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I recognize some arbitrage opportunities on the Polygon network and tend to include my transactions in the next block. Since Polygon's transaction time is too low, I know that I have to do it quickly and efficiently, so I highly optimized all aspects that I thought might affect the overall process and I am now able to recognize discrepancies almost in real-time (Before sending my transaction to the blockchain, I even double-check that it is still profitable). Yet, I have a big problem that causes almost all my tries to fail and I could not find out the reason. My transactions are not getting included in the next block and it causes all of them to fail (they are usually processed within the next two or three blocks). Increasing the gas fee (even to an unreasonably high amount) had no effect and does not guarantee my transactions to get executed at the beginning of the next block. On the other hand, however, I track some other guys that use a similar technique, but seem easily include their transactions in the right block (event with a low fee) and take the profit.
My guess is that they are also counting pending transactions on their calculations, which I currently do not. The other probability is about my provider which of course I am not sure about it.
Is there any special note, trick, or technique that I miss in between?

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  • @Ismael Thanks to his hint, I'm parallelizing my CPP code on CUDA and I hope I can get the desired result very soon ;) However, I still appreciate any extra information of any kind in this regard. Aug 8 '21 at 17:06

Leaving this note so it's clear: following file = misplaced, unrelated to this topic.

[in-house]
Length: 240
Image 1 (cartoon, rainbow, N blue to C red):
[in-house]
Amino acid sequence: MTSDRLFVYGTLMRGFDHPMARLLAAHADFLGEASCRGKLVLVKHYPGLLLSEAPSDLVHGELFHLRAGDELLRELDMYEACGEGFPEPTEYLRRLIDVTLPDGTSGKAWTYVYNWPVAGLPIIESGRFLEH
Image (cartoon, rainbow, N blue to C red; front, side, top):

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    I don't know how it works on Polygon, but on Ethereum's mainnet it is not something that can be solved with more computing power, or inspecting the mempool's pending transactions. You have to use something like flashbots to communicate with miners to privilege your transactions.
    – Ismael
    Aug 8 '21 at 17:30
  • @Ehsan how Cuda is involved here ? Is your application running on GPU ?
    – jagstock
    Aug 9 '21 at 0:25
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    @jagstock If you tend to find opportunities among a huge batch of pairs in a uniswap-forked DEX, you need to use some sort of graph search algorithm, which can be quite CPU-intensive. These kinds of problems sometimes can be (or converted to an) "embarrassingly parallelizable" form which literally means you can run them on GPU to get near-instant results. Aug 9 '21 at 4:20

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